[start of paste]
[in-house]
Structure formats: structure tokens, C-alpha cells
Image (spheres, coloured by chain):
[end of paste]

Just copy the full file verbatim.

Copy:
[in-house]
Structure formats: structure tokens, C-alpha cells
Image (spheres, coloured by chain):